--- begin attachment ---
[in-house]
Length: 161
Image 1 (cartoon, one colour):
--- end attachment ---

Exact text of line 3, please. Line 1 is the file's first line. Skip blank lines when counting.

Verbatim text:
Image 1 (cartoon, one colour):